Voter opinion is almost equally divided on whether Mitt Romney’s business experience helps or hurts the presumed Republican presidential nominee, a new poll for The Hill has found.
That means one battle between President Obama’s reelection team and Romney aides — basically, a fight over what lessons should be drawn from the private-sector record of the former head of Bain Capital — is only likely to get more fierce in the months ahead.
President Obama's reelection team took a direct swing at Romney’s private record earlier this month, launching a campaign aimed at painting the GOP front-runner as a predatory businessman who cut jobs in the hunt for profits.
Romney’s time at Bain earned him some criticism from GOP competitors during the primary, and the Obama camp followed suit, releasing an ad highlighting a steel plant that went out of business and laid off workers after Bain took it over.
“This is about the values Romney lived by,” said Stephanie Cutter, Obama deputy campaign manager. “This is about whether Romney’s business experience qualifies him to make the right decisions as president.”
Meanwhile, the Romney campaign has also made his time running a business a focal point in his effort to unseat the president. Working to make the economy the primary issue on the campaign trail, Romney has argued that his lengthy time in the private sector proves he knows how to boost the economy. (Romney also noted that the particular plant cited by Obama’s camp closed two years after he left Bain.)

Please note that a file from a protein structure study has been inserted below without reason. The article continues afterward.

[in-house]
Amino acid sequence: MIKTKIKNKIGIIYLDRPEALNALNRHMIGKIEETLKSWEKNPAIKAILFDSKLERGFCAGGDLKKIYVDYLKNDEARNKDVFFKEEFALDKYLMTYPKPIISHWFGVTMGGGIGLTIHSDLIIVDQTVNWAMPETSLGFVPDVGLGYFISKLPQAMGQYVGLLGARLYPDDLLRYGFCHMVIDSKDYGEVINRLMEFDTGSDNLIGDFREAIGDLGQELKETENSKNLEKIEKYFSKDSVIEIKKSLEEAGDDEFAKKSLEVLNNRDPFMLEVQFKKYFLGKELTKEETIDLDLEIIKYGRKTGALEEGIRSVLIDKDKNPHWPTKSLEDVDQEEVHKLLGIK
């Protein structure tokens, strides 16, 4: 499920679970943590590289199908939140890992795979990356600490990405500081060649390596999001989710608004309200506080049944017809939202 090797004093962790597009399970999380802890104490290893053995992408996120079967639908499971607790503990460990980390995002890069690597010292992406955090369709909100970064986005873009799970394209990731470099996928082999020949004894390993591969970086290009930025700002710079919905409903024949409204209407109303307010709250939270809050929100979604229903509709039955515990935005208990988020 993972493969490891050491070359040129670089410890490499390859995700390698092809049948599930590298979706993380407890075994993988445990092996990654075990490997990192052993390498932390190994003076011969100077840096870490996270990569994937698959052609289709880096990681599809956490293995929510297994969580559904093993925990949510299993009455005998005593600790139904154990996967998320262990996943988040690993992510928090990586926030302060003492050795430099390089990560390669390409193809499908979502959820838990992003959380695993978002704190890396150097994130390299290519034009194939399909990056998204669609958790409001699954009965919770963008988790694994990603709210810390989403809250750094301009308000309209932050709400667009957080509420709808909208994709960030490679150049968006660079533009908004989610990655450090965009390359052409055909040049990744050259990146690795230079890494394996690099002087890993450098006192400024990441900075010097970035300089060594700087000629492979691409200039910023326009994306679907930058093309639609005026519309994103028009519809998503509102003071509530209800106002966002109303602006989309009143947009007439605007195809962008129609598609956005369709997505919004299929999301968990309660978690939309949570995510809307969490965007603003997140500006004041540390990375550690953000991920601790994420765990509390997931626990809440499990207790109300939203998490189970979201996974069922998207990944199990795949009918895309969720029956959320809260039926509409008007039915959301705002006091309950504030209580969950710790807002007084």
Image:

With both campaigns fighting hard, it appears that Obama may hold an edge. Thirty-nine percent of all likely voters see Romney as too friendly with business interests, slightly more than the 35 percent who see Obama as too hostile toward business.
Independent voters, who will be crucial in determining the outcome of November’s election, tend to be even more skeptical of Romney’s approach to business.
Among voters who did not identify with a particular party, 45 percent saw Romney as too accommodating to the private sector, significantly greater than the 32 percent who saw the president as too hostile on the issue. Independents also were more likely to favor Obama’s approach to business, with 47 saying he had it “about right,” compared to 43 percent who think that about Romney.
One finding that could be worrisome to the Romney campaign is how many voters take a skeptical view of the nation’s richest citizens.
By a slim margin of 43 percent to 41, voters think wealthy Americans reached their lofty status more by exploiting people and taking advantage of a favorable system than as a reward for hard work and innovation. Independents feel that way by a wider margin, with 45 percent viewing the wealthy as exploitative compared to 39 percent who see them as justly rewarded.
The Hill poll found that 52 percent of likely voters believe America would be better off with less government regulation of business, as opposed to 37 percent who believe more regulation is for the best. Independents also tended to favor fewer regulations on the private sector than more, 49 percent to 37.
Pulse Opinion Research conducted the poll of 1,000 likely voters on May 17 with a margin of error of plus or minus 3 percentage points.